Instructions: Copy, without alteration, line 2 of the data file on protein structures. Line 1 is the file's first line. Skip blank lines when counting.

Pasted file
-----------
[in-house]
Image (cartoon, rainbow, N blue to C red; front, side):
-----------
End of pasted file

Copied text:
Image (cartoon, rainbow, N blue to C red; front, side):